I don't think the US admirals ever thought the operation would be easy. They were well aware that the resources available to them were very thin as well as inexperienced. Admiral Fletcher withdrawing the carriers from the immediate area of Guadalcanal indicates that any early negative impact on air capability could be extremely critical.

The immediacy of protecting communication with Australia/NZ was the deciding factor IMO. Operations in New Guinea or against Rabaul would be problematic if Japan interdicted those lines of supply and communication. It was an example of Mr. Rumsfeld's comment "You go to war with the army you have."

IIRC the 1st Marine Division went ashore with 1903 Springfields and Lewis guns and Marines and Navy engineers had to improvise nearly everything ashore. There wasn't much of a cushion in either troop strength or materiel.

EDIT: There were also assessments made after the early naval actions (Admiral R.K. Turner and/or Adm. King) that there was a pervasive feeling of superiority among fleet unit commanders which may have been responsible for a lax attitude in readiness and reaction. The IJN's skill in night fighting was also not well realized and was a very nasty surprise.

Last edited by pikeshot1600; August 10th, 2018 at 08:03 AM.
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Old August 10th, 2018, 08:17 AM   #9
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@Chlodio,

EDIT: There were also assessments made after the early naval actions (Admiral R.K. Turner and/or Adm. King) that there was a pervasive feeling of superiority among fleet unit commanders which may have been responsible for a lax attitude in readiness and reaction. The IJN's skill in night fighting was also not well realized and was a very nasty surprise.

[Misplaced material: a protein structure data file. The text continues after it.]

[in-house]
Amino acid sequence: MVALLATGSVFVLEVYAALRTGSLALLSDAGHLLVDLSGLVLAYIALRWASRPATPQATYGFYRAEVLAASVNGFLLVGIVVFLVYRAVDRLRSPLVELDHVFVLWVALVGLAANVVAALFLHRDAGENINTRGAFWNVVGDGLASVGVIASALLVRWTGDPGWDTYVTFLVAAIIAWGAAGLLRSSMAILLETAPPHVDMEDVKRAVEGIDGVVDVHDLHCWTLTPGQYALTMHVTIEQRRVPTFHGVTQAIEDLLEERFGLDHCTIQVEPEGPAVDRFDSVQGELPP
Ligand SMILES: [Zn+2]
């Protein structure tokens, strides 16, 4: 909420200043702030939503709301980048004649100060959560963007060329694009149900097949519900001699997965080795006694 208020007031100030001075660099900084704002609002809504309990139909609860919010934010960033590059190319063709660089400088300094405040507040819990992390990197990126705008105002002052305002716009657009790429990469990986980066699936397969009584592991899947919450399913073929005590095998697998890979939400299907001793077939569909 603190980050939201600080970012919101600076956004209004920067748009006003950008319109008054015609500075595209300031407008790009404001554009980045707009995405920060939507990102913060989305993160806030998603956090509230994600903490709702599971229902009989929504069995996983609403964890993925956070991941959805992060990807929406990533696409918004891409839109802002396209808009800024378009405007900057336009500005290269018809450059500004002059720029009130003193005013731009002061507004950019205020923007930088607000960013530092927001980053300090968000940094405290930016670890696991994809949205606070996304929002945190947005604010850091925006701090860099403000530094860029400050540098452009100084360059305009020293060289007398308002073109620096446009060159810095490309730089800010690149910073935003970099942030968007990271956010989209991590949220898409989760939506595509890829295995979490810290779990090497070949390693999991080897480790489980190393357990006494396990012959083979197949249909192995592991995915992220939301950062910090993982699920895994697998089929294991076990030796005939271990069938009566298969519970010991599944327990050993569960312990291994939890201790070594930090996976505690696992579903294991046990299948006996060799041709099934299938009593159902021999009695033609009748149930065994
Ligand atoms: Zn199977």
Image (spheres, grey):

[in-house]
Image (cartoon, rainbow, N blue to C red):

Yes, I was thinking of this earlier but didn't post it. US forces encountered many unpleasant surprises during the Guadalcanal Campaign - Japanese night fighting skill, the excellence of Japanese torpedoes, the under performance of American torpedoes, just to name a few.
But these surprises just point to unjustfyable US over-optimism at the begining of the operation. US forces went into the operation unaware of how difficult it would prove to be.


Which all comes back to Savo Island in the way that you mentioned. The Americans set themselves up for defeat at Savo Island by under estimating the Japanese threat and by over estimating their own capabilities.

Last edited by Chlodio; August 10th, 2018 at 08:30 AM.
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Old August 12th, 2018, 01:34 PM   #10
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Which all comes back to Savo Island in the way that you mentioned. The Americans set themselves up for defeat at Savo Island by under estimating the Japanese threat and by over estimating their own capabilities.
And not just the Americans - the British performance in Malaya, Burma, etc, was pathetic, and due in part to a lack of respect for the Japanese.